Ideas of separation had, indeed, occurred to both of them. Each had thought of flight, of seeking some repose far from this Arcade of the Pont Neuf where the damp and filth seemed adapted to their desolated life. But they dared not, they could not run away. It seemed impossible for them to avoid reviling each other, to avoid remaining there to suffer and cause pain. They proved obstinate in their hatred and cruelty. A sort of repulsion and attraction separated and kept them together at the same time. They behaved in the identical manner of two persons who, after quarrelling, wish to part, and who, nevertheless, continue returning to shout out fresh insults at one another.
Moreover, material obstacles stood in the way of flight. What were they to do with the impotent woman? What could be said to the Thursday evening guests? If they fled, these people would, perhaps, suspect something. At this thought, they imagined they were being pursued and dragged to the guillotine. So they remained where they were through cowardice, wretchedly dragging out their lives amidst the horror of their surroundings.
During the morning and afternoon, when Laurent was absent, Therese went from the dining-room to the shop in anxiety and trouble, at a loss to know what to do to fill up the void in her existence that daily became more pronounced. When not kneeling at the feet of Madame Raquin or receiving blows and insults from her husband, she had no occupation. As soon as she was seated alone in the shop, she became dejected, watching with a doltish expression, the people passing through the dirty, dark gallery. She felt ready to die of sadness in the middle of this gloomy vault, which had the odour of a cemetery, and ended by begging Suzanne to come and pass entire days with her, in the hope that the presence of this poor, gentle, pale creature might calm her.
Suzanne accepted her offer with delight; she continued to feel a sort of respectful friendship for Therese, and had long desired to come and work with her, while Olivier was at his office. Bringing her embroidery with her, she took the vacant chair of Madame Raquin behind the counter.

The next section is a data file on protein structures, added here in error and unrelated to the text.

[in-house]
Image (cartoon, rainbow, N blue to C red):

From that day Therese rather neglected her aunt. She went upstairs less frequently to weep on her knees and kiss the deathlike face of the invalid. She had something else to do. She made efforts to listen with interest to the dilatory gossip of Suzanne, who spoke of her home, and of the trivialities of her monotonous life. This relieved Therese of her own thoughts. Sometimes she caught herself paying attention to nonsense that brought a bitter smile to her face.
By degrees, she lost all her customers. Since her aunt had been confined to her armchair upstairs, she had let the shop go from bad to worse, abandoning the goods to dust and damp. A smell of mildew hung in the atmosphere, spiders came down from the ceiling, the floor was but rarely swept.
But what put the customers to flight was the strange way in which Therese sometimes welcomed them. When she happened to be upstairs, receiving blows from Laurent or agitated by a shock of terror, and the bell at the shop door tinkled imperiously, she had to go down, barely taking time to do up her hair or brush away the tears. On such occasions she served the persons awaiting her roughly; sometimes she even spared herself the trouble of serving, answering from the top of the staircase, that she no longer kept what was asked for. This kind of off-hand behaviour, was not calculated to retain custom.
The little work-girls of the quarter, who were used to the sweet amiability of Madame Raquin, were driven away by the harshness and wild looks of Therese. When the latter took Suzanne with her to keep her company, the defection became complete. To avoid being disturbed in their gossip, the two young woman managed to drive away the few remaining purchasers who visited the shop. Henceforth, the mercery business ceased to bring in a sou towards the household expenses, and it became necessary to encroach on the capital of forty thousand francs and more.